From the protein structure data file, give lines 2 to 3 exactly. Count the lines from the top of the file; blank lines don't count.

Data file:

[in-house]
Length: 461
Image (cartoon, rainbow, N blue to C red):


Length: 461
Image (cartoon, rainbow, N blue to C red):